Billboard Magazine, 1999
NORTH AMERICAN FOLK VENUES HOME TO STARS, NEW ACTS
Jim Fleming and David Tamulevich, who run their own folk-driven talent and booking agency, work with more than 4,000 presenters (see story, page 13). To them the women's center that hosts Holly Near once a year or the New England church coffeehouse that is willing to take a chance on a few faces are just as prestigious and valued as any urban star-maker showcase club. Perhaps more so.
Folk is a different animal from mainstream pop. After all, this is a form that is perfectly happy to mull over a song for 200-300 years before deciding if it's a keeper. It's not a genre that lends itself to charts or lists.
That said, here is an alphabetical listing of solidly respected, savvy clubs; the kinds of stages from which careers can be cut, that work with proven names and new faces. The list was compiled with assistance from several industry sources.
The Birchmere. Bluegrass, acoustic country, folk, and songwriter haven for the Washington, D.C., area. Music seven nights a week, no open stage, but occasional writers-in-the-round series. (3901 Mt. Vernon Ave., Alexandria, Va. 703-549-5919)
The Bluebird Cafe. Nashville's hippest songwriter, progressive country, and folk club, with a weekly writers' series and many showcasing opportunities. (4104 Hillsboro Road, Nashville. 615-383-1461)
The Bottom Line. Properly eclectic and adventurous for a 22-year-old Greenwich Village, New York, music haunt, but still basing its menu on the acoustic fare that has made it a must-do folk showcase for major-label wanna-bes. It offers a monthly "required listening" series for new nonmainstream acts and occasional "in their own words" songwriter circles. (15 W. 4th St., New York. 212-228-6300)
McGonigel's Mucky Duck. Irish pub known as Houston's premier songwriters club; mostly acoustic, music six nights a week. Monday open mikes, monthly in-the- round songwriters night. (2425 Norfolk St., Houston. 713-528-5999)
The Ark. A Michigan folk mecca since 1965, as respected as there is anywhere in the country. Music six nights a week, Wednesday-night open stages, occasional showcase nights, songwriter round-robins and traditional ceilidhs. (637½ S.. Main St., Ann Arbor, Mich. 313-828-8037)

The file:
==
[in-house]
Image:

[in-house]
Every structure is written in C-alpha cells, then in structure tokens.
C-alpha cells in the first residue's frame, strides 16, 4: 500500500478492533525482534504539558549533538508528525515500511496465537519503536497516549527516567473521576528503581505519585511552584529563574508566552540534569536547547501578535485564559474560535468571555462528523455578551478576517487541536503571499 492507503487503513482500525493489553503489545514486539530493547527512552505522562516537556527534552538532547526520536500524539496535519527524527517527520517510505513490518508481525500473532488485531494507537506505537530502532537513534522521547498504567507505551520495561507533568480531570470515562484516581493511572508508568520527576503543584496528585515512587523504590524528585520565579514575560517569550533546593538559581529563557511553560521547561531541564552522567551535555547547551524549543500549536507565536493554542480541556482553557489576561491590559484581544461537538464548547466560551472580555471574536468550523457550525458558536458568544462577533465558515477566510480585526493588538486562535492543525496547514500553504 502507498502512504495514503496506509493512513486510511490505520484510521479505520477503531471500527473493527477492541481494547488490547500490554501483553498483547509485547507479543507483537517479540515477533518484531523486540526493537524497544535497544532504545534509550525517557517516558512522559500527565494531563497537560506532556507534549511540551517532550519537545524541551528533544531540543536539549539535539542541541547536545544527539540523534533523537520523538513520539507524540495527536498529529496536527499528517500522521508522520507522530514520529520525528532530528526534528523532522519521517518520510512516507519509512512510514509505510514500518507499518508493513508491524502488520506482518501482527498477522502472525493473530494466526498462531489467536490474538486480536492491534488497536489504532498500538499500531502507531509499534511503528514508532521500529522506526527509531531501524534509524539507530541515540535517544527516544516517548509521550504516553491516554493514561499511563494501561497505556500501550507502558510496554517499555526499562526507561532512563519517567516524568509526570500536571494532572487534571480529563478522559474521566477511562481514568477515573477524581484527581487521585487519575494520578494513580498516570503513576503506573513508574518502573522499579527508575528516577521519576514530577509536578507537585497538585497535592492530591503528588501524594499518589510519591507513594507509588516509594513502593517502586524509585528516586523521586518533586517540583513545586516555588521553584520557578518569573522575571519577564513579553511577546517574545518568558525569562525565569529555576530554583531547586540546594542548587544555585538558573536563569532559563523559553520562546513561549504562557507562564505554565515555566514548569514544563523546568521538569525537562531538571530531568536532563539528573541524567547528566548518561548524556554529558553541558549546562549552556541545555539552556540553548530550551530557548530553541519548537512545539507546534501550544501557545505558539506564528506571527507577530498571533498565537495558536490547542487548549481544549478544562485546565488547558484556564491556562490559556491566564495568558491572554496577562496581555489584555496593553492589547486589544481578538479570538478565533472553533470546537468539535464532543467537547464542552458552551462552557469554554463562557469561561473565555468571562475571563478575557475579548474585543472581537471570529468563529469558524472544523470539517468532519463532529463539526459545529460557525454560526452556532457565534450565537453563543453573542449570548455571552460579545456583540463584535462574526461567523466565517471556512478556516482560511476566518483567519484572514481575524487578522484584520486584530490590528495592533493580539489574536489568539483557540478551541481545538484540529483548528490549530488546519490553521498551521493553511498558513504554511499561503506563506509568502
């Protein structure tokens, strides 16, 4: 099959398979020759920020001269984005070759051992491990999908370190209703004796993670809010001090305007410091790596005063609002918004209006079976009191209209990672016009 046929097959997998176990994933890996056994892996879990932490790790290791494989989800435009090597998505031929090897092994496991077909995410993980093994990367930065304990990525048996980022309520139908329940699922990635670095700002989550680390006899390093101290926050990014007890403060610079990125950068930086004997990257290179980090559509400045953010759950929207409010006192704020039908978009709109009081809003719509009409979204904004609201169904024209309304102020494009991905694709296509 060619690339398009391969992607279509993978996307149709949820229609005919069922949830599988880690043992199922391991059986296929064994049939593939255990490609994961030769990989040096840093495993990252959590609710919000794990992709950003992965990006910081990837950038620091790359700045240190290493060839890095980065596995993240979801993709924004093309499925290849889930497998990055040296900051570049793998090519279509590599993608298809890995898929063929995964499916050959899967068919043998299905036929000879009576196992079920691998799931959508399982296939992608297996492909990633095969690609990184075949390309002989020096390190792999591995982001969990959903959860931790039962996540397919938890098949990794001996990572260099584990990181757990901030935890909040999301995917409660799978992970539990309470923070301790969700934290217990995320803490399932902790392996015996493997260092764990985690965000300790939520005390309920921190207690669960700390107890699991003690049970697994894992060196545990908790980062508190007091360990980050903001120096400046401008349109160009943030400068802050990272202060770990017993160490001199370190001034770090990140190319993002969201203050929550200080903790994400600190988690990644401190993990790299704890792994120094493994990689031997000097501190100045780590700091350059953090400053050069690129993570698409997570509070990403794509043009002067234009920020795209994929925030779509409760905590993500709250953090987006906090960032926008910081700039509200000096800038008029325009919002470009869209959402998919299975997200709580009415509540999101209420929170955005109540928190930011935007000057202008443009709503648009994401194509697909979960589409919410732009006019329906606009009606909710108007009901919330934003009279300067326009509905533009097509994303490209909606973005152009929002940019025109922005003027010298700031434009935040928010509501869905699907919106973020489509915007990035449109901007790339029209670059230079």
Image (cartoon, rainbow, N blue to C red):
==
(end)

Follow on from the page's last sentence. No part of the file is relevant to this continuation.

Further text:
Cactus Cafe. An institution since 1933 on Austin, Texas' famous Drag, and an influential songwriters club since 1980. Music six nights a week, Monday open mikes, frequent songwriter circles, showcase slots. (24th and Guadalupe streets, Austin. 512-475-6515)
Club Passim. In the heart of Boston's Harvard Square for more than 25 years -- and before that, final home of legendary '60's mecca Club 47 -- this is still New England's premier songwriters club. Under new, nonprofit management, it is expanding its vision to include more locals and wider range of music, offering a Tuesday in-the-round open stage and weekly multi-act live radio show. (47 Palmer St., Cambridge, Mass. 617-492-7679)
Eddie's Attic. Home of Decatur, Ga's hip songwriter scene. Acoustic music seven nights a week. Monday open mikes, biannual "Open Mike Shoot-Out" contest, Sunday songwriters night. (515-B N. McDonough St., Decatur. 404-377-4976)
The Tin Angel. Particularly committed to Philadelphia's contemporary scene; no open stage but regularly works with promising locals. (20 S. 2nd St., Philadelphia. 215-928-0978)
Freight and Salvage. Folk six nights a week at this Berkeley, Calif., club, which offers Tuesday open mikes and "Best Of The Hoots" monthly. Since 1968, a non- profit home for Bay Area folk. (1111 Addison St.., Berkeley. 510-928-0978)
Godfrey Daniels. A solid taste-maker since 1976, this Pennsylvania club is particularly devoted to good stagecraft and deeply respected within the folk biz. Weeknight hoots, folk, and blues jams, weekend headliners. (7 E. 4th St., Bethlehem, Pa. 610-867-2390)
McCabe's Guitar Shop. Great Santa Monica, Calif. music store with a 150-seat listening room in the back. Weekend shows, open mike third Sunday of the month. Don't be fooled by the store-front ambience: McCabe's is a first-rate, front-rank music. (3101 Pico Blvd. Santa Monica. 310-828-8037)
Old Vienna Kaffeehaus. Nestled in a small town outside of Worcester, Mass., this casual but elegantly professional club has become one of the most respected venues in the folk world, thanks largely to the intelligent, creative booking of Timothy Mason, who is also is re-energizing Club Passim. Headliners Friday through Sunday. Its Thursday open stage is the Carnegie Hall of New England hoots, famous for it;s huge, hip, nonperforming audience. (22 S. St., Westborough, Mass. 508-898-2231)
The Towne. Weekend headliners, eclectic and mostly acoustic. Biweekly Wednesday open mikes, regular showcase nights. Upstate New York club open since 1972, famous for its smart, solid booking and folk-savvy crowd. (62 Rte. 22, Pawling, N.Y. 914-855-1300)